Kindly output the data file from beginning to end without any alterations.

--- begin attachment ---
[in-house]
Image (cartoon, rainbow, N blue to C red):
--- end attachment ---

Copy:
[in-house]
Image (cartoon, rainbow, N blue to C red):